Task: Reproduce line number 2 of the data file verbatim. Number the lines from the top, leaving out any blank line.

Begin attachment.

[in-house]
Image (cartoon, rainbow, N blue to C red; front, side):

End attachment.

Image (cartoon, rainbow, N blue to C red; front, side):